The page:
I guided Don yesterday for four hours mid-though-late afternoon. His goal was to work on wet fly fishing, and we had some great stretches of water to ourselves in and out of the Permanent TMA. Water was 225cfs, an excellent wet fly height, with a hint of stain, no doubt from storms upstream. Spot A produced two fish, a swing and a miss, and some finks that wouldn’t take. Spot B was a disappointing blank. Spot C held some players, and we had fun fooling them with the Hackled March Brown. While it was a very fishy feeling day, the hatches were terrible. I’m being generous by giving them a 1 on the 1-10 scale. Still, Don done good under some truly tough conditions. He’s going to be a dangerous wet fly machine.
Skunk’s off with this lovely rainbow. Check out that pink band! This fish was in great condition.
Gotcha. I love these smaller wild Farmy browns. See you in a couple years, OK?
Today’s my day in the limelight. Filmmaker Matthew Vinick is making a short feature on fly fishing the Farmington River, and I’ve been asked to participate. I met Matt in the Permanent TMA during the Hendrickson hatch, and he was sufficiently impressed by my wet fly prowess to want to include me. While the focus is on Farmington hatches and dry fly fishing, my part will be largely wet fly fishing. So…everybody send positive hatch waves, please.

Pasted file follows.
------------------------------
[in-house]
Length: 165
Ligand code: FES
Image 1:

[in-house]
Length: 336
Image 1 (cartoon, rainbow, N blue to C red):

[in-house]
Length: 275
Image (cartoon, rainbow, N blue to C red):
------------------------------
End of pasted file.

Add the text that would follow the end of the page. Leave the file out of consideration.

Smile! The camera’s on you, miss soft-hackle eating beastie.
Many of you have reached out to me regarding guide trips on the Farmington, in particular learning how to fish wet flies. My advice remains the same: we should wait out this water volume. Yes, the Farmington is fishable at this level (850cfs and change in the Permanent TMA as I write this) and yes, I know of people who have been catching trout on dries. But if it were me, I’d be focusing on nymphs and streamers at this water level. So: if you really need to get out on the river, sure, let’s do it. There are a ton of fish to be had. But if you really want to focus on wet flies, let’s wait until the water gets to 500cfs or below. (Don’t even get me started on the lower Farmington — 1380cfs right now — or the Hous, a disgustingly high 2710cfs.) And of course, there are always small streams. You know where to find me.
Last year at this time it was sunny and the Farmington was — dare I say it? Wadeable.
Jefferson took my Wet Flies 101 class today, and he chose a helluva fine day to be out fishing. Sunny, warm, good flows (264cfs, 52 degrees)…and anglers. Lots and lots of anglers. Everywhere. (I didn’t know you could fit that many cars into the Woodshop dirt lot. Whoa! Is that Church Pool or the Wire Hole in Pulaski?) Still, we managed to find some water to call our own not once, but three times around the upper TMA.
Jefferson did a splendid job with his team of three wets. Here he’s making that critical first mend after his cast. And yes, the weather and the river were indeed as clear and lovely as they look.
To the fishing. I have been hearing a lot of reports of strong hatch activity with no fish rising to the bugs. That was our experience today. Spot A was heavy with midges, moderate with caddis, but very little surface activity. What risers we saw never got into any feeding rhythm; it was all rather haphazard. Jefferson still managed to stick four trout, which was four more than I saw anyone else hook. Spot B was largely devoid of hatch activity, except when the sun hid behind the clouds and we had a micro hatch of size 14-16 BWOs. Two fish on at Spot B. Spot C was the scene of a strong Hendrickson hatch (2:00pm-2:30pm) with one lonely trout making a few furtive slashes. He proved most uncooperative. But, we know where he lives. Thanks again to Jefferson for a fun day.
Mr. H stops by to say hello.